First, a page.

Stars: David Boreanaz, Emily Deschanel, Michaela Conlin, TJ Thyne, Tamara Taylor, John Francis Daley, Laura Spencer, Christian Gehring, Shawn Ryan, Ella Thomas, Emily Montague, D.J. “Shangela” Pierce, Joshua Bitton, Alix Elizabeth Gitter, Andrew Veenstra, Stefanie Black, Madeleine McGraw
Writer: Megan McNamara, series created by Hart Hanson, based on the life and writings of Kathy Reichs
Director: Jeannot Swarcz
Network: Fox, Mondays @ 8 PM
Airdate: May 12, 2014
In setting part of the investigation in “The Drama in the Queen” in the world of cross-dressing performers, BONES makes a sincere effort to present a sympathetic look at the culture. One problem is the episode’s title – the term “queen” plays one way within the community and another when used outside it (as here). Another is Booth’s (David Boreanaz) controlled panic when one of the performers offers to make him up. We’re sure that he’s sure he’d rather stay as he is – what’s all that defensiveness about? However, in investigating the murder of Cal Thomas, a heterosexual, married high school swim coach who had a secret identify as talented performer “Jenny,” Megan McNamara’s script manages to address a lot of myths and misconceptions involving cross-dressing performers and makes a commonsense plea for calmness and empathy.
The rest of the problems with the episode involve (as so many BONES problems do) the character of Sweets (John Francis Daley). Sweets is a forensic psychologist for the FBI. Despite his gun training, he’s not a field agent, but Booth assigns Sweets to be lead investigator when a body is found down a well. Meanwhile, there’s a new intern, Jessica Warren (Laura Spencer), a spunky young woman who tends to spout (mostly correct) theories to the annoyance of Brennan. She flirts with Sweets while both are on the job, much to the irritation of Cam (Tamara Taylor); by the episode’s end, Sweets and Jessica have gone to bed.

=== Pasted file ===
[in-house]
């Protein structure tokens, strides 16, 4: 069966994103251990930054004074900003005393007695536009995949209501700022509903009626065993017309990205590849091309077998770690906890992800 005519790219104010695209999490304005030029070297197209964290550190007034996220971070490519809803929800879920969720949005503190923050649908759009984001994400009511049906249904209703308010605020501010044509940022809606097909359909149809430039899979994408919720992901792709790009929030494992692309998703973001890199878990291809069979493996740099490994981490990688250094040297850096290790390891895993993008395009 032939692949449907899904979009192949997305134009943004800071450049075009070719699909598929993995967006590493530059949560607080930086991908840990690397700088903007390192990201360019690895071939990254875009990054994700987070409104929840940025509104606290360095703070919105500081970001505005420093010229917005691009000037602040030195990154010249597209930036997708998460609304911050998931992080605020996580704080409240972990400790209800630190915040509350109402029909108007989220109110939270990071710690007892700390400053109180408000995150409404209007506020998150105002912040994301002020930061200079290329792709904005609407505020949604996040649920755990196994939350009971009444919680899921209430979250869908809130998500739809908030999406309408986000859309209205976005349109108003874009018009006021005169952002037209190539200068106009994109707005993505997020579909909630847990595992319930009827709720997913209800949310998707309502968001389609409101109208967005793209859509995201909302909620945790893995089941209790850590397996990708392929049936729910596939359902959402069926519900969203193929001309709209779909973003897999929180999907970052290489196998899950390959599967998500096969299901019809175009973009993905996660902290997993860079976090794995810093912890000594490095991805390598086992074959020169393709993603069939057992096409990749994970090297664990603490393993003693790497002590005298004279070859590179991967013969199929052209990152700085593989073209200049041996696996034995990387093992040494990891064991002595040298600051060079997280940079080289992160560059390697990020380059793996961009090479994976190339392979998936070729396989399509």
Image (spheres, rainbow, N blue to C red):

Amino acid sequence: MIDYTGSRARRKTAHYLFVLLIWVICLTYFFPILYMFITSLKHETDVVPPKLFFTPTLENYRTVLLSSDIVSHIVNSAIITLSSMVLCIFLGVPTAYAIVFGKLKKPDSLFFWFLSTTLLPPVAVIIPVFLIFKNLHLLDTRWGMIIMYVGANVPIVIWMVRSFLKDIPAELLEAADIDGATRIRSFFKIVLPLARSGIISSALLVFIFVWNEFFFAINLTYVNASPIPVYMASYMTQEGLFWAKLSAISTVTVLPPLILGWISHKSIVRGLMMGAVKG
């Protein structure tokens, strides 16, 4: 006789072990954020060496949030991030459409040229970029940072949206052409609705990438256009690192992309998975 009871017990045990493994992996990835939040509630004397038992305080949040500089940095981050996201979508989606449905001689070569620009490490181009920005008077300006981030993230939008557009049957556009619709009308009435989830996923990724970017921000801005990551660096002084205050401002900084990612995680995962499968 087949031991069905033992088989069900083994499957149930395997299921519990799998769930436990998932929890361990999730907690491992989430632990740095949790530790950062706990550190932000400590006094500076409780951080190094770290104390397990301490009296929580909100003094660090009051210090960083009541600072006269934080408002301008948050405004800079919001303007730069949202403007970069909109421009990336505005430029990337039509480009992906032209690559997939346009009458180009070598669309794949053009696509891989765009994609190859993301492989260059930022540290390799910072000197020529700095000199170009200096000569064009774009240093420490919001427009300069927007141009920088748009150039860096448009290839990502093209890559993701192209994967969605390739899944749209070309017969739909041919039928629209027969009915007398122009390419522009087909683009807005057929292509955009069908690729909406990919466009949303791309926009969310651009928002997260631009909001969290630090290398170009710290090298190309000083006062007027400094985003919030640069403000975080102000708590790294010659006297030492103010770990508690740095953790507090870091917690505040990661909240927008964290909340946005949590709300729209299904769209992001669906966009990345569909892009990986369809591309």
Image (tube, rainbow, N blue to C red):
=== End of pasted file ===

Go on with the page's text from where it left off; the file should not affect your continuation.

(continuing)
Really? Sweets has to bed an intern he’s just met, who is quasi-under his professional supervision (he is lead on the case) and apparently under twenty-one, within two days of meeting her? Why should we care about this, except to think that Sweets is a bit sleazy and unprofessional, despite his desire to be absolutely professional in taking the investigative lead on an FBI case, even though he’s not an investigator …? Seriously, folks, what the hell?
The excursion by Booth and Brennan (Emily Deschanel) into the world of cross-dressing entertainers allows for some discussion of secret selves, the need for unconditional acceptance from loved ones and the fact that many transgendered people are heterosexual. This includes the victim Cal, whose grieving wife (Ella Thomas, very good) struggles to understand why her husband didn’t confide in her about his other identity. Here Sweets gets to do his actual job and counsels the woman that her husband may have been afraid she would reject him, even though she says she would have accepted this as part of the man she loved.
The murder turns out to have nothing to do with Cal’s other life. He was about to turn in one of his swimmers for misdeeds, which would have resulted in expulsion; the student killed Cal to keep him silent.
The most fun aspects of “The Drama in the Queen” are the forensic scenes, where the lab team deduce that damage to Cal’s feet is the result of wearing high heels for long periods of time, and when Hodgins (TJ Thyne) and Warren do one of those messy, happy experiments.
There’s also some enjoyment to be had with Brennan’s appreciation of Sweets’ by-the-book field tactics, which exasperate the rest of his longtime colleagues. Otherwise, the episode would have benefited by doing anything except trying to get us to root for Sweets to go from zero to sixty in a matter of days with a quasi-subordinate he’s just met.
AGREE? DISAGREE? LET YOUR VOICE BE HEARD – COMMENT BELOW!
Related: Part 1 of AX’s EXCLUSIVE HART HANSON Interview
Related: Part 2 of AX’s EXCLUSIVE HART HANSON INTERVIEW
Article Source: Assignment X
Article: TV Review: BONES – Season 9 – “The Drama in the Queen”